Chevere means cool in Spanish. Que Chevere!, how awesome, how great.
While staying at my friend’s house I discovered a record player on the Lanai in the scrumptious back yard. Generously sized and full of fruit trees, I put Stevie on while chilling and picking up ripe apricots that had fallen onto the ground. Stevie Wonder knew about Chevere back in ’73 and says in the intro to “Don’t you worry about a thing” on his album, Innervisons. He asserts to listeners that he “speaks very very fluent Spanish”.
It was 1973 when Innervisions was released. I was one year old. He was part of introducing Latin sound into contemporary music, along with bands like Santana.
I remember when I first learned the word Chevere. I was living in Seattle, pretty new to speaking Spanish and dating. I met Edward (not his real name). He was Cuban-American and was more emotive and analytical then l expected. He had grown up in Florida, was an actor, talked about yoga and seemed to over process his feelings. He still could get quite passionate and we had some steamy moments.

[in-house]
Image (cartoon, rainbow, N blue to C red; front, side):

He told me about his favorite Cuban singer, a Miami Cuban named Albita. She performed in one of the few mainstream movies that includes Cuba, called Dance with Me starring Vanessa Williams. It isn’t my favorite dance movie but it is on my list. During the scene where she sings, they dance Casino Rueda—Cuban Salsa that is done in a circular pattern and a style I was learning around the same time.
What I like most about Casino Rueda is the inclusive communal aspect of it. The caller gives out calls for specific moves or sequences and the followers move from partner to partner around the circle. Sometimes the leads have to criss-cross across the circle and boy you better hope you are on the beat. You end up dancing with everyone and no one is left out. The rhythm of Cuban salsa is perfect for flowing in and out of a circle.
Albita’s biggest hit is “El Chico Chevere” and it is a good song. ♫ El es un chico chevere, chevere, chevere ♫. Translation: What a great guy….
And that is how I know the word Chevere.